First Three Things I Look At When Editing A Photo


First Three Things I Look At When Editing A Photo

Whenever I start editing an image, there are 3 key things I look at first:

1. Straight Lines

There is no worse flaw in an architectural image than crooked or tilted walls – we can’t have that. So this is really the first thing I look at when I open an image.

I always shoot on a tripod and my camera has a built-in level that I check every time I take a photo. But even with those tools sometimes there is a slight tilt in the image: the lens might not have been perfectly parallel to the wall in front of it or there might be a slight vertical tilt. Luckily these are easily corrected in Lightroom to make sure the lines are perfectly straight.

2. Distracting Elements

Not everyone agrees with me, but I don’t like seeing electrical outlets or canned lights – I find them distracting. So I usually remove them from my images. I feel that removing them makes the photo look much cleaner and allows us to immediately focus on other elements of the image.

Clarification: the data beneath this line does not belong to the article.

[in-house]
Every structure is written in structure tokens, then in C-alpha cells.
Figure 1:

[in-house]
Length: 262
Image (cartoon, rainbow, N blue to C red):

3. Annoying Color Casts

Allow me to be a photo nerd for a minute here: every light source has a different color. Daylight is actually blue (shocking, I know!), tungsten lights have that characteristic warm yellow/orange glow, and fluorescent lights are green. Our eyes and our brains usually don’t see these colors as clearly, but the camera is not so forgiving.  And sometimes that beautiful daylight coming through the window will make your gorgeous wood floors have a bluish tone. Or the greenery from the landscaping outside the window will cast a green glow on a white wall. That’s what we call a color cast. I don’t like them so I try to remove them whenever possible to create an image with accurate color.


Interior design photography Jacksonville

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